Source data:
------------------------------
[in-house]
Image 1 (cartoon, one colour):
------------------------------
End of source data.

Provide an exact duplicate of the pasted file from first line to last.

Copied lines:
[in-house]
Image 1 (cartoon, one colour):